- C: Exercise duration — recorded in hours (45 min = 0.75hrs)
An athlete weighing 160 pounds loses 2 pounds during his or her workout and now weighs 158 pounds.
- A = 160 - 158 = 2 lbs or 32 oz.
- During the workout, he or she consumed a total of 2.5 cups or 20 oz. B = 20 oz.
- The total workout lasted 1 hour and 15 minutes. C = 1.25 hrs
This athletes sweat rate is: (32 + 20) / 1.25 = 41.6 oz/hr
4. Peri-Workout Hydration Plan
By developing a peri-workout plan, athletes can ensure that they can enter a training/competition with ideal fluid levels, maintain proper levels throughout the session to avoid performance declines, and recover from fluid losses when the event is over.
Individuals require different amounts of fluids due to a variety of factors that impact their fluid levels, including outdoor temperature (more fluid in warmer climates), gender (males typically sweat more), and athlete size (heavier athletes require more fluid).
Pre-Workout: 16 oz around 2-3 hours prior to the workout and another 8 oz 15-25 minutes before the workout
Intra-Workout: 4 oz every 15 to 20 minutes. If workout exceeds an hour, drinks with electrolyte and carbohydrates should also be consumed every 15 to 20 minutes after the 60-minute mark.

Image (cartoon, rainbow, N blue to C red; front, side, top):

Post-Workout: 16-20 oz of fluid for every pound lost.
5. Get Charged Up with Electrolytes
Electrolytes are chemicals in body fluids that form electrically charged ions that transmit messages required for the body to function properly. Electrolytes influence the osmotic gradients in the body (how much water goes in/out of cells), regulate muscle contractions and nerve impulses and influence blood pH. The key electrolytes are sodium, chloride, potassium, calcium and magnesium. When we exercise, we lose electrolytes through sweat, albeit in lesser amounts than the water we lose. It's important for athletes to ensure that they're consuming adequate amounts of all these minerals throughout the day, in their diet and post-workout, especially after long or very intense training sessions.